Digital Health in the Time of COVID-19
The novel coronavirus pandemic has undoubtedly shifted the way people think about and deliver healthcare. As the situation continues to evolve, employers are suddenly becoming a critical component in workers' overall health and wellness — especially now, as they grapple with how to send their employees back to work safely. If they haven't already, employers must go back to the drawing board regarding their employees' health benefit plans, safety concerns, and illness protections, and invest in digital health options as part of our "new normal."
Our "Health on Demand" report generated earlier this year (in collaboration with Mercer Marsh Benefits and Mercer), surveyed over 2,000 Americans to understand the pulse of employer and employee digital health reactions, needs, and wants. Since people's health statuses are quite personal to the individual, how different people feel about having their health data monitored, stored, and recorded in a workplace setting is critical to determining what offerings will benefit employees long-term versus which are perhaps more just "nice to have."
As businesses work to build better business in light of COVID-19, our report highlights the extent health and well-being may shape future corporate decisions.
Featured Report Insights
Employers have the potential to use personalized and relevant technology-based health solutions alongside a culture of well-being to create a more vital, engaged, and loyal workforce. Our report underscores five considerations for digital health investment in the workplace. Through our findings, we identified:
Strong Business Case for Digital Health
Workers Value Patient-Centered Solutions
Low Barriers to Adoption, High Trust in Employers
Four Different Work Segments to Engage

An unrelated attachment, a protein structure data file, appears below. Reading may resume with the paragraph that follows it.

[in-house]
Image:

High Demand for a Pro-Health Culture
In an upcoming report, expected to be released later this Summer, we will explore how the COVID-19 pandemic has shifted consumer sentiment and digital consumer healthcare preferences.
'Health on Demand’ reminds us that workers treat the digital experiences they have in other parts of their lives as the standard for the health benefits they receive from their employers.Sam Glick Partner, Health & Life Sciences, Oliver Wyman
View the US, Singapore, and Global Report Findings
About the US Report
Our "Health on Demand" US Report (in collaboration with Mercer Marsh Benefits and Mercer) explores survey findings from more than 2,000 US workers and 100 US senior decision-makers on attitudes towards digital health solutions in the workplace.
About the Singapore Report
Our "Health on Demand" Singapore Report (in collaboration with Mercer Marsh Benefits and Mercer) explores survey findings from more than 1,000 employees and senior decision-makers in Singapore on attitudes towards digital health solutions.
About the Global Report
Our "Health on Demand" Global Report (in collaboration with Mercer Marsh Benefits and Mercer) surveyed more than 16,500 workers and 1,300 senior decision-makers in seven mature and six growth markets across North America, Europe, Latin America, and Asia. We spoke with full-time and part-time workers, freelancers, and gig workers, as well as senior decision-makers, half of whom work in companies with more than 500 workers globally. Learn more here.
Oliver Wyman Authors - US Report
- Sam Glick, Partner, Health and Life Sciences, Oliver Wyman
- Helen Leis, Partner, Health and Life Sciences, Oliver Wyman
- John Rudoy, Director, Healthcare, MMC Advantage
Oliver Wyman Authors - Singapore Report
- Kitty Lee, Partner and Head of Asia Pacific- Health and Life Sciences
- Matt Zafra, Principal - Health & Life Sciences, Asia Pacific
- Justin Bay, Health & Life Sciences, Asia Pacific